Let’s Take A Closer Look at Mortgage Fraud
Most borrowers think that overstating your income or net worth on a mortgage application may constitute mortgage fraud but that the typical borrower who does so is merely “stretching” the truth to qualify for a mortgage to purchase real estate otherwise beyond their reach. This belief may have some validity but systemic mortgage fraud Is another matter altogether.
False Statements (18 U.S.C. § 1014)
Title 18 Section 1014, United States Code, criminalizes “the knowing making of false statements or willfully overvaluing any property or security to influence in any way the action of the itemized agencies and organizations. “
There is no specific statute that defines mortgage fraud per se. A mortgage fraud scheme involves some form of material misstatement, misrepresentation, or omission on which the lender or underwriter of the funding, purchase, or insuring of a loan relies upon in reaching a decision.
But mortgage fraud schemes goes far beyond the mere falsification of information on a mortgage application; they have evolved into a very sophisticated industry that uses the latest technologies to drive these crimes, costing organizations millions of dollars annually.
Mortgage fraud is analogous to committing bank robbery without a weapon. As we saw during the financial collapse in 2007 and 2008, fraudulently acquired real estate may trigger a downward spiral of financial ruination. Properties acquired in fraudulent for-profit schemes typically result in widespread vacancy, pillaging and worse. The perpetrator of mortgage fraud may also engage in insurance fraud by filing a false claim after his or her degraded property is purposely damaged or destroyed.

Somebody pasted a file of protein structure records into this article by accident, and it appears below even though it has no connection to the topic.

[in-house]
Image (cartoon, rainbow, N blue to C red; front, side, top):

The Scope of Mortgage Fraud
Depending on the nature of a particular scheme, the federal courts prosecute mortgage fraud schemes as:
- Aggravated identity theft
- Bank fraud
- Bankruptcy fraud
- Conspiracy to commit bank fraud
- Mail fraud
- Money laundering
- Wire fraud
- …and/or false statements
Although the scope of fraudulent mortgage schemes is infinite, they are classified as either fraud-for-profit or fraud-for housing and are charged by most states courts Grand Larceny.
- Compounding the problem, an increasing number of borrowers prepare false tax returns that fraudulently overstate taxable income to qualify for a mortgage or to refinance an existing loan.
- Underwriters have become reliant on automated underwriting tools as a substitute for due diligence and critical analysis which are incapable of detecting fraud.
- Mortgage fraud in connection with low-income H.U.D. housing grants is on the rise; career fraudsters snap up federally-subsidized properties in foreclosed housing stock, eventually recycling the properties into new fraud schemes.
- Supported by the overstock of foreclosed properties held by the FDIC and banks, investors purchase these properties in bulk and then sell them to unwitting end buyers at drastically inflated prices.
- Mortgage fraud through reverse mortgages is another venue for fraudsters.
Penalties and Fines
The bottom line is that mortgage fraud is a Federal Crime punishable by up to 30 years in prison and up to a one million dollar fine pursuant to 18 United States Code 1014
If you or someone you know finds themselves implicated in mortgage fraud charges, you need The Law Office of Richard S. Berne. We are uniquely qualified to effectively represent individuals in a wide range of white-collar criminal investigations and charges and as well as in civil litigation in Maine, Massachusetts, and New York state and federal courts. Richard S. Berne has over 45 years of legal experience which ensures you the best criminal defense. Call today for your FREE case evaluation